Spring 2015 Bulletin

The Lincoln Project Convenes Regional Forums

The Lincoln Project: Excellence and Access in Public Higher Education

In its continued effort to identify common concerns and build consensus for innovative solutions in American public higher education, the Lincoln Project recently convened a series of regional meetings in Austin, Texas; Atlanta, Georgia; New York City; and Chapel Hill, North Carolina.

University leaders, representatives from the private sector, members of philanthropic and nonprofit organizations, and local and national policy-makers discussed topics ranging from challenges related to state appropriations; to balancing tuition, fees, and affordability; to the role of philanthropy and corporate giving in supporting public research universities. Drawing upon these conversations, the Lincoln Project is now gearing up to release a series of publications that will precede its final report and recommendations in early 2016.

President of the University of Texas at Austin William Powers hosted the project for a regional forum held in Austin on March 26, 2015. This meeting brought together leadership from several institutions, including UT Austin, UT Dallas, UT El Paso, UT Arlington, the University of New Mexico, and the University of Louisiana at Lafayette, as well as representatives from the public-private partnership Educate Texas and the Texas Higher Education Coordinating Board. Lincoln Project cochairs Robert Birgeneau and Mary Sue Coleman as well as members of the project committee heard about the challenges and successes of these institutions: online learning–and examples of effective and ineffective approaches–was a particular area of interest, in addition to the universities’ increasing involvement in the economic development of their communities.

On April 2 the project cochairs, Academy President Jonathan F. Fanton, representatives from public and private universities in Georgia, Tennessee, and Florida, and representatives from the Southern Education Foundation and the Center for Civil and Human Rights attended the project’s third regional forum hosted by Emory University President James Wagner. The discussion focused on the importance of public/private partnerships and Georgia’s unique higher-education landscape. For example, Georgia’s HOPE scholarship, a merit-based financial assistance program funded by revenue from the Georgia Lottery, has provided many students with full-tuition scholarships to any public institution in the state. The group also discussed successful programs like the University of Memphis’s tracking system for degree completion, which helps the university to identify and redirect students who are not on track with their majors.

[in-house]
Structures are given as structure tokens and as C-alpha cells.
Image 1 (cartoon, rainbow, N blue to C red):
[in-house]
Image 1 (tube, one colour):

The next regional forum was held on April 6 in New York City. Members of the project advisory group heard from university leadership at Stony Brook University, the New Jersey Institute of Technology, Rutgers, and the University at Buffalo. Among other topics, the group discussed the added value of research experiences for undergraduate students at public research universities, as well as the necessity of improving education at every level so that students can be successful in their postsecondary education. Representatives from the Association of Public and Land-grant Universities (APLU) and the National Research Council’s Board on Higher Education and the Workforce also participated as part of the project’s continuing efforts to partner with organizations concerned about the future of higher education.

On May 7, the Lincoln Project held a regional forum at the University of North Carolina at Chapel Hill, hosted by Chancellor Carol Folt. Lincoln Project members, UNC leadership, and representatives from local government and businesses discussed successful partnerships between public research universities and business.

The Lincoln Project is now preparing to release Public Research Universities: Why They Matter, the first in a series of publications that will precede its final report and recommendations. Available in late May, Why They Matter explores some of the major attributes of public research universities, including their commitment to providing a wide range of students with a high-quality education; their contribution to the economic vitality of their states, regions, and the nation; and their commitment to improving their states, region, and the nation through research and teaching excellence.

Following this publication are a white paper that will provide an overview of the state appropriations process and where higher education falls within it (to be released in summer 2015), a white paper on the current financial model of public research universities (to be published in fall 2015), a brief demonstrating the public good of public research universities (available in late fall 2015), and the final report, which will offer concrete recommendations and strategies to sustain these institutions for the foreseeable future (to be released in winter 2016).

The Lincoln Project: Excellence and Access in Public Higher Education is considering the implications of declining state investment in public higher education; assessing the role of the federal government in funding our great public research universities; and developing recommendations for ensuring that public universities continue to serve the nation as engines of economic development and opportunity for Americans from all backgrounds. Ultimately, the project will encourage the development of new federal, corporate, and philanthropic sources of support to sustain public higher education in every state. For more information about the Lincoln Project, please see the Academy’s website.